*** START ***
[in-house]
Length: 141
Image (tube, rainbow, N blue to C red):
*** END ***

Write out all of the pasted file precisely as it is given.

[in-house]
Length: 141
Image (tube, rainbow, N blue to C red):